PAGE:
Sta Hungry Stay Foolish

Stay Hungry. Stay Foolish.

A blog by Leon Oudejans

In pursuit of happiness

In my 18 October 2015 blog, I casually included a TED video by Martin Seligman on Positive Psychology. Actually, I didn’t watch this video until now. I just felt that it would be important to mention it. Indeed it’s an important video – and perhaps even more than that. This remarkable TED video learns us a lot about the pursuit of happiness. Not the movie (IMDb) but the real thing.

Seligman: “For more than 60 years, psychology worked within the disease model. [ ] People were saying psychology is about finding what’s wrong with you. [ ] And the conclusion of that is that psychology and psychiatry, over the last 60 years, can actually claim that we can make miserable people less miserable. And I think that’s terrific. I’m proud of it. But what was not good, the consequences of that were three things.”

Seligman: “The first was moral, that psychologists and psychiatrists became victimologists [ ]. The second cost was that we forgot about [ ] improving normal lives. And the third problem [ ] is, [ ] it never occurred to us to develop interventions to make people happier, positive interventions.” This has led Seligman and others to work on what they call positive psychology – or authentic happiness.

Positive Psychology has determined that there are 3 ways for the pursuit to happiness. Seligman: “The first happy life is the pleasant life. This is a life in which you have as much positive emotion as you possibly can, and the skills to amplify it. The second is a life of engagement – a life in your work, your parenting, your love, your leisure, time stops for you. [ ] And third, the meaningful life.”

Seligman: “The first life is the pleasant life and it’s simply [ ] having as many of the pleasures as you can, as much positive emotion as you can, and learning the skills – savouring, mindfulness – that amplify them, that stretch them over time and space. But the pleasant life has three drawbacks”: (1) it’s inherited for about 50%, (2) people get used to it very quickly, and (3) it’s not very modifiable.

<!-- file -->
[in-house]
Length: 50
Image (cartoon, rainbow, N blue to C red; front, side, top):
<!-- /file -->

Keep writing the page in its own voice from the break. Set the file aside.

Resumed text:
Seligman: The second happy life is “about flow. And it’s distinct from pleasure in a very important way. Pleasure has raw feels: you know it’s happening. It’s thought and feeling. But [ ] during flow, you can’t feel anything. You’re one with the music. Time stops. You have intense concentration.”

Seligman: “And the third path is meaning. This is the most venerable of the happinesses, traditionally. And meaning, in this view, consists of – very parallel to eudaimonia – it consists of knowing what your highest strengths are, and using them to belong to and in the service of something larger than you are.”

Seligman: “It turns out the pursuit of pleasure has almost no contribution to life satisfaction. The pursuit of meaning is the strongest. The pursuit of engagement is also very strong. Where pleasure matters is if you have both engagement and you have meaning, then pleasure’s the whipped cream and the cherry. Which is to say, the full life — the sum is greater than the parts, if you’ve got all three. Conversely, if you have none of the three, the empty life, the sum is less than the parts.”

This TED video – and its script – has helped me enormously. I know understand why I feel happy – even in my circumstances / situation.

Happy (2013) by Pharrell Williams
artist, lyrics, video, Wiki-1Wiki-2

Note: all markings (bolditalicunderlining) by LO unless in quotes or stated otherwise.


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